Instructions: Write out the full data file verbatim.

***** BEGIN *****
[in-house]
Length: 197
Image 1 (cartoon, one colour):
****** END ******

[in-house]
Length: 197
Image 1 (cartoon, one colour):